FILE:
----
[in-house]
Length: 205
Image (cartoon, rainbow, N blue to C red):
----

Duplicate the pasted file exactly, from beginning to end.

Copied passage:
[in-house]
Length: 205
Image (cartoon, rainbow, N blue to C red):